You will now see the zone information or your domain. Linode has included a few of the defaults like www and mail for example. If you set up your server with FTP you will need to add that. So let’s do that now.

Scroll down until you see the A/AAAA Records

Copy and paste the IPv4 and IPv6 addresses to Notepad. You are going to need them in a minute. After you do that click “Add a new A record”.

Enter ftp into Hostname and the IPv4 address you copied a moment ago. Click Save. Repeat the process for the IPv6 address.


That’s it, now your domain is ready on your new Linode server.

Installing WordPress on your new Linode Server

I’m going to assume everyone reading this knows how to install WordPress. If not here is a quick overview.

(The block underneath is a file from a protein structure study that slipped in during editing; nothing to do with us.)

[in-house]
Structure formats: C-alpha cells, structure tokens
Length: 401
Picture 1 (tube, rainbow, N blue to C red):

1. Download the latest version of WordPress (or the version you were using on your old host if you chose not to upgrade)

2. FTP to your Linode server. You will probably need to use the IP address since the DNS changes may not have propagated yet. You will find the IP address, domain username, and domain password in the account creation e-mail you received a bit ago.

3. Upload the WordPress files to the root directory (or subdirectory) on your Linode server. Again this depends on how you previously had your WordPress setup.  Ex. My WordPress site is www.easyslowcook.com so I upload wordpress files directly to public_html.  Ex. My WordPress site is www.easyslowcook.com/blog so I create a directory “blog” under public_html and upload the files there.

4. Log into cPanel and find MySQL Database Wizard